By Vatican News staff reporter
Germany goes to the polls on Sunday, and for the first time in sixteen years the name of the current Chancellor, Angela Merkel will not be on the ballot paper.
As the hours tick by ahead of this national election, political parties were doing their best on Friday to sway undecided voters.
The leader of Merkel's centre-right Christian Democrat party, Armin Laschet, has made some headway but he still lags behind the centre-left Social Democrats, headed by Finance Minister Olaf Scholz.
In third place is the Green party whose candidate, Annalena Baerbock, is the only woman in this election aiming to succeed Angela Merkel.
Face to the finish
All in all, this is a tight race, and according to experts the reason for this is that candidates are relatively unknown to most voters.
This weekend, all three parties are racing to the finish line with large gatherings. The Christian Democrats or CDU party will have its last big rally in Munich, while the Social Democrats are staging an event in the western city of Cologne. Meanwhile, the Greens will hold their rally in Duesseldorf.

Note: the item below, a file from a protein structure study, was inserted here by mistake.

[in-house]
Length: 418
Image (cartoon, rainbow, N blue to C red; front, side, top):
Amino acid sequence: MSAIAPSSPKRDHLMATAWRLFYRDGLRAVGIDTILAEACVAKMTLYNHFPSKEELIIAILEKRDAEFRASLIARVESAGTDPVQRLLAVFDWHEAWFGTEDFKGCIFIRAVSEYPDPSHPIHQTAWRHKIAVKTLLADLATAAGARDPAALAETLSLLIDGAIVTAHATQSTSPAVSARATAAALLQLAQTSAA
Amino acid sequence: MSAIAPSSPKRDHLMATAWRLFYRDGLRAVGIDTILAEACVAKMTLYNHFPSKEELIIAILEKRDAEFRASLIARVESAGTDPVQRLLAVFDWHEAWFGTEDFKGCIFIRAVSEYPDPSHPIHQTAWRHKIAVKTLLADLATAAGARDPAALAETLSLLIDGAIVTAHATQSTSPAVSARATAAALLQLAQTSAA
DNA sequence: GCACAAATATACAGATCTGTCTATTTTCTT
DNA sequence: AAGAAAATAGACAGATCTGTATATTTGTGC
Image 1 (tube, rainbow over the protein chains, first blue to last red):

So what are the key issues in this election? Certainly, the economy and the impact of the coronavirus pandemic have played an important role during this campaign.
Climate change is also a concern for voters, especially among the younger generation, while the issue of migration has been largely absent.
Foreign policy came to the fore during the final television debate on Thursday, with the Greens calling for a tougher stance on China.
Voting and pandemic
Election officials say many people will vote by mail this year, due to the pandemic, but this is not expected to significantly affect the turnout.
About 60.4 million Germans are eligible to vote for a new parliament on September 26.